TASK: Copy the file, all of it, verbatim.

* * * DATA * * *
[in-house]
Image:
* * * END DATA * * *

[in-house]
Image: